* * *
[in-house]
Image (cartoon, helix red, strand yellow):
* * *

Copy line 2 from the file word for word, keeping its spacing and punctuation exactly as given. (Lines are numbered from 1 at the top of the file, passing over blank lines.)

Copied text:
Image (cartoon, helix red, strand yellow):